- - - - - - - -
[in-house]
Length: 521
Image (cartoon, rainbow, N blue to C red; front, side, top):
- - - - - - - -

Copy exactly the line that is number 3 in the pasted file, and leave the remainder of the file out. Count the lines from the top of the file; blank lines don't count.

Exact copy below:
Image (cartoon, rainbow, N blue to C red; front, side, top):